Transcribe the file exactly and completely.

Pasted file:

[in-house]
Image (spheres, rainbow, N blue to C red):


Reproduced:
[in-house]
Image (spheres, rainbow, N blue to C red):